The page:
Seeing as the Steelers just lost Tyson Alualu to the Jaguars in free agency, Togiai could easily be on their radar as a mid-round selection from a school they have a strong affiliation with in Ohio State to fill the need of a stout, run-stuffing interior defensive lineman that can line up in multiple fronts. Time will tell if the interest is there, but given Togiai’s traits and Pittsburgh’s need to get younger and more beefed up along the defensive front, Togiai makes a lot of sense.

Projection: Early Day 3

Games Watched: at Penn St. (2020), vs Clemson (2020), vs Indiana (2020), vs Northwestern (2020)

Previous 2021 NFL Draft Player Profiles
OC Drake Jackson OC Landon Dickerson TE Pat Freiermuth RB Javonte Williams
CB Patrick Surtain II OG Deonte Brown TE Kylen Granson TE Brevin Jordan
OL Trey Smith OT Adrian Ealy CB Jaycee Horn CB Kary Vincent Jr.
RB Elijah Mitchell OT Alex Leatherwood TE Hunter Long RB Najee Harris
CB Tyson Campbell LB Zaven Collins DB Greg Newsome TE Tony Poljan
DL Christian Barmore RB Kenneth Gainwell OT Rashawn Slater WR Kadarius Toney
RB Michael Carter EDGE Joe Tryon CB Thomas Graham Jr. WR Amari Rodgers
RB Demetric Felton C Creed Humphrey C Trey Hill LB Jabril Cox
CB Asante Samuel Jr. S Joshuah Bledsoe OT Samuel Cosmi S Trevon Moehrig
RB Chuba Hubbard S James Wiggins LB Garret Wallow RB Kylin Hill
WR Dazz Newsome RB Khalil Herbert CB Shaun Wade WR Tylan Wallace
RB Rhamondre Stevenson CB Camryn Bynum WR Amon-Ra St. Brown WR Shi Smith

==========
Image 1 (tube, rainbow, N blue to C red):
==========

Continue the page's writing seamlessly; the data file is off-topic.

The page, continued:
OT Liam Eichenberg EDGE Patrick Jones DT Alim McNeill OT Christian Darrisaw
QB Kyle Trask RB Jermar Jefferson QB Trey Lance OT Jaylen Mayfield
OT Teven Jenkins TE Kenny Yeboah LB Chazz Surratt CB Tre Brown
QB Kellen Mond LB Nick Bolton OL Brady Christensen DL Dayvion Nixon
CB Elijah Molden QB Mac Jones EDGE Rashad Weaver LB Cameron McGrone
RB Trey Sermon LB Pete Werner LB Tony Fields TE Luke Farrell
RB Jaret Patterson LB Dylan Moses TE Kyle Pitts LB Jamin Davis
TE Tommy Tremble QB Jamie Newman TE Shaun Beyer EDGE Azeez Ojulari
QB KJ Costello CB Caleb Farley DB Richie Grant OT Tommy Doyle
OG Jackson Carman WR Ihmir Smith-Marsette LB Baron Browning WR Terrace Marshall
LB/S JaCoby Stevens OC Josh Myers S Hamsah Nasirildeen OT Dillon Radunz
LB Jeremiah Owusu-Koramoah WR Anthony Schwartz S Talanoa Hufanga WR Sage Surratt
WR Dyami Brown WR Elijah Moore OT Jaylon Moore WR Seth Williams
NT Forrest Merrill WR Cornell Powell WR Rondale Moore EDGE Jaelan Phillips
S Divine Deablo WR Rashod Bateman EDGE Elerson Smith C Jimmy Morrissey
RB Larry Rountree C/G Quinn Meinerz CB Benjamin St-Juste OT Spencer Brown
EDGE Daelin Hayes WR Tamorrion Terry DL Marvin Wilson OT Walker Little
CB Aaron Robinson WR D’Wayne Eskridge EDGE Joseph Ossai EDGE Quincy Roche
OT Alijah Vera-Tucker WR Tutu Atwell TE Pro Wells RB Pooka Williams
EDGE William Bradley-King S Ar’Darius Washington EDGE Joshua Kaindoh WR Jonathan Adams
DB Trill Williams QB Davis Mills EDGE Greg Rousseau  WR Cade Johnson
ILB K.J. Britt OG Aaron Banks DL Jay Tufele OG Wyatt Davis